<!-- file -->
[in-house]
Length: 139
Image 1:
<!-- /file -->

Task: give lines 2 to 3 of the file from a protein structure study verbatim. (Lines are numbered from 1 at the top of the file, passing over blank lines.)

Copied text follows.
Length: 139
Image 1: